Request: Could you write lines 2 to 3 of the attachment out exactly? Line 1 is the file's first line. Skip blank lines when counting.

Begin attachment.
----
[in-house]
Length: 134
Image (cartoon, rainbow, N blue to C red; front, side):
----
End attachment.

Length: 134
Image (cartoon, rainbow, N blue to C red; front, side):